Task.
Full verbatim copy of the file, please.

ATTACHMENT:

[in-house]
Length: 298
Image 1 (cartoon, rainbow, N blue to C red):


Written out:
[in-house]
Length: 298
Image 1 (cartoon, rainbow, N blue to C red):